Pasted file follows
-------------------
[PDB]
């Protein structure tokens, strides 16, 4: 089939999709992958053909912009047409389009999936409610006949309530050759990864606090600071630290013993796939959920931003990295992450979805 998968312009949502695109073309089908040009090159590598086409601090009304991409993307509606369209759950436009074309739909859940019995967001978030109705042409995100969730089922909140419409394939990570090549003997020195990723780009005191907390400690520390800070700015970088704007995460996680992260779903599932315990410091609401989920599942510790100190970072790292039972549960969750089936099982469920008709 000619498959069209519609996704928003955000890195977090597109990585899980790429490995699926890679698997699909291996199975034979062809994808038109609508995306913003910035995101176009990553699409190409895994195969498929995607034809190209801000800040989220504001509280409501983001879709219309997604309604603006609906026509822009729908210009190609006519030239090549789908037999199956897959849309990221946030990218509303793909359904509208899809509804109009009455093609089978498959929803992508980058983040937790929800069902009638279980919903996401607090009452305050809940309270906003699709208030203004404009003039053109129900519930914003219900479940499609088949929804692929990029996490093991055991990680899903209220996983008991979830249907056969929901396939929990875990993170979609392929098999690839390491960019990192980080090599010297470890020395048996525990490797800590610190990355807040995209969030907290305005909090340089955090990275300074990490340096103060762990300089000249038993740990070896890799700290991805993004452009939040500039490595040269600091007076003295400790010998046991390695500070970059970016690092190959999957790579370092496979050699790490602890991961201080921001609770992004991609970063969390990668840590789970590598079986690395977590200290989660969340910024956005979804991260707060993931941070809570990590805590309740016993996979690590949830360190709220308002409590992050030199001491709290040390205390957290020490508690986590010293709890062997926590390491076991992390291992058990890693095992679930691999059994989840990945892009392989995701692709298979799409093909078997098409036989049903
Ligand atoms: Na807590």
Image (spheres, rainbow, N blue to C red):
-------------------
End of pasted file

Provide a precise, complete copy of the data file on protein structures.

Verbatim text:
[PDB]
């Protein structure tokens, strides 16, 4: 089939999709992958053909912009047409389009999936409610006949309530050759990864606090600071630290013993796939959920931003990295992450979805 998968312009949502695109073309089908040009090159590598086409601090009304991409993307509606369209759950436009074309739909859940019995967001978030109705042409995100969730089922909140419409394939990570090549003997020195990723780009005191907390400690520390800070700015970088704007995460996680992260779903599932315990410091609401989920599942510790100190970072790292039972549960969750089936099982469920008709 000619498959069209519609996704928003955000890195977090597109990585899980790429490995699926890679698997699909291996199975034979062809994808038109609508995306913003910035995101176009990553699409190409895994195969498929995607034809190209801000800040989220504001509280409501983001879709219309997604309604603006609906026509822009729908210009190609006519030239090549789908037999199956897959849309990221946030990218509303793909359904509208899809509804109009009455093609089978498959929803992508980058983040937790929800069902009638279980919903996401607090009452305050809940309270906003699709208030203004404009003039053109129900519930914003219900479940499609088949929804692929990029996490093991055991990680899903209220996983008991979830249907056969929901396939929990875990993170979609392929098999690839390491960019990192980080090599010297470890020395048996525990490797800590610190990355807040995209969030907290305005909090340089955090990275300074990490340096103060762990300089000249038993740990070896890799700290991805993004452009939040500039490595040269600091007076003295400790010998046991390695500070970059970016690092190959999957790579370092496979050699790490602890991961201080921001609770992004991609970063969390990668840590789970590598079986690395977590200290989660969340910024956005979804991260707060993931941070809570990590805590309740016993996979690590949830360190709220308002409590992050030199001491709290040390205390957290020490508690986590010293709890062997926590390491076991992390291992058990890693095992679930691999059994989840990945892009392989995701692709298979799409093909078997098409036989049903
Ligand atoms: Na807590």
Image (spheres, rainbow, N blue to C red):